Chicken rescue

Restoring Our Faith In Humanity ????????

Chicken vet
Pancake back at home – living a life worth living ( Picture courtesy
X-Ray - at the vet for Chickens
chicken vet – leg fracture
surgery at the chicken vet
Pancake at in the hands of the chicken Veterinary Nurse – after surgery – At Melbourne Bird vet.
Chicken vet Melbourne | Melbourne Chicken vet
Taking her first steps on grass at the chicken vet facilities at the Melbourne Bird vet.

On Christmas Eve this chicken now called Pancake was rescued.  Taken to the chicken vet in Burwood.

She had just survived depopulation at a caged egg farm where she had eked out an existence for 12 months, imprisoned in a cage for a year before being taken to slaughter. After being literally thrown into a transport crate, breaking the femur bone in her leg, crammed in with 30 other hens and being transported to an abattoir in the full sun at 30 degrees of heat. ( no Chicken vet input!)
The rescuers opened the crate and were able to remove the 12 remaining live birds from the tangled mess of bodies … most passed from the heat (and no one cared).
It appears that not one of the hens rescued that night “mattered” to the universe, aside from the eggs that they laid that sit on our supermarket shelves.
The carer wrote “To walk from that hell carrying those 12 chickens to your clinic (Chicken Vet Melbourne) somehow restored some order to the universe, to carry them from nothing into the hands of someone that truly cares.”
The chicken Vet on duty said that this was an emergency and they would do the surgery ASAP, even though Christmas was only a few days away. That was the best news. So on Friday 1 week ago – we stabilized the fractured leg. The orthopedic surgery went well. She’s was in hospital over the weekend until Sunday, being monitored. We all just want her to have a chance of living a happy life, “a life worth living “doing all the things that chickens love to do like walk on grass and have the earth between their toes, feel sunlight and fresh air.
Battery hens NEVER ever neither walk on grass nor see the sun. And about 15% of birds get a limb broken when depopulated, as they are roughly and literally thrown into crates by their limbs.
The femur or leg bone was broken during the rough handling. See the X-rays. Pancake – a sentient being, a little soul that feels pain and wants a quality life. One look at her and we could see that Pancake was not ready to die!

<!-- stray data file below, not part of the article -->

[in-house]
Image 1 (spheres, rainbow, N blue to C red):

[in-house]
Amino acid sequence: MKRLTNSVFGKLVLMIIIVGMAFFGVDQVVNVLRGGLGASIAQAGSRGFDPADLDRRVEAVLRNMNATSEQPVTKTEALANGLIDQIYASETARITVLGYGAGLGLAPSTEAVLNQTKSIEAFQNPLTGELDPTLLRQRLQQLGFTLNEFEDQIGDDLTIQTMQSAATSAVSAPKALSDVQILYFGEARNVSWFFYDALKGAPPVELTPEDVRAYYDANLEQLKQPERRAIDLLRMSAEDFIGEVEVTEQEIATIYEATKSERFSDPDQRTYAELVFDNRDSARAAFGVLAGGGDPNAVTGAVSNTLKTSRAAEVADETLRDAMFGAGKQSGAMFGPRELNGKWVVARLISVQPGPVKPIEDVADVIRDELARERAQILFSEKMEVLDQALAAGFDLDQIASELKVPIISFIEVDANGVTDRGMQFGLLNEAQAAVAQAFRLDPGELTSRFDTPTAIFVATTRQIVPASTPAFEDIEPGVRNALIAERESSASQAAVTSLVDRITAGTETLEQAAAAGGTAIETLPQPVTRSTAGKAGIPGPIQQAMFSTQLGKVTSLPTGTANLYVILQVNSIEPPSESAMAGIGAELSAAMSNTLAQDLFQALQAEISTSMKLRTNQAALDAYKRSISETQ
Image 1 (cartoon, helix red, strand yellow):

Although the large bill was discounted with a little help from Santa, there were no short cuts. She was anesthetized, given fluids, the broken bones re-aligned and an Orthopedic pin was placed to realign the fragments, by the chicken vet . With gentle post-operative care and handling by an experienced Avian nurse dedicated to Pancakes anaesthetic recovery, she recovered well (see the picture). Initially we used a chicken wheel chair to support her. She appeared to recover well and was toe touching on the leg within 24 hours, quite a TROUPER!!
The 48 hours after surgery we took her outside – onto the grass in the morning light. She placed her feet on Mother Earth and gently pecked at the grass … for the first time in her life … and it was such a nice relief for the universe!
Thanks to all the animal lovers out there who care for all animals not only dogs and cats. AND SPECIFICALLY to those involved in helping with this rescue – YOU restore our faith in humanity!!
The day after release from the chicken vet in Burwood – we loved seeing the following post – Thanks Tamara.
“She is now a pancake only in name.
Pancake had surgery at Bird Vet Melbourne yesterday and I picked her up today expecting to find a weak girl who needed to be crop fed, but as soon as I saw her, she was eating and talking AND standing up, even putting weight on her bad leg. What a fighter. These hens, they never give up. It’s such a shame how, as a society, we completely give up on them and let them be treated like less than rubbish, when all they really want is that fighting chance to live.
Thanks to Dr Phillip Sacks for a brilliant job helping Pancake become more than a pancake.”
And a last note
I Dr Phil wish that in 2020 we will drastically reduce the abject cruelty we see to factory farmed animals especially chickens and Pigs, during their production and transport to slaughter. In the “lucky country” Australia, a civilized place with great people, I believe with a bit of understanding and knowledge of the cruel farming practices, most reasonable people would change their eating choices. I hope we can produce animals for human use that live a “life worth living”, even though it will increase the cost of the final product.

Wishing you all a happy health new year and hope that people become aware that by purchasing a “tortured animal” from factory farms, they are promoting animal cruelty, and are cannot really animal lovers in the true sense.

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